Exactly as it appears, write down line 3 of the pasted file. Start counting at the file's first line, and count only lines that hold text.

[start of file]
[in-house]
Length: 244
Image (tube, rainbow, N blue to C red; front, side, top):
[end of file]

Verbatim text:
Image (tube, rainbow, N blue to C red; front, side, top):